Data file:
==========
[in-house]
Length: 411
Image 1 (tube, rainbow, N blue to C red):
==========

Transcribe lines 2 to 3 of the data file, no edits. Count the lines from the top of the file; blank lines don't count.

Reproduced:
Length: 411
Image 1 (tube, rainbow, N blue to C red):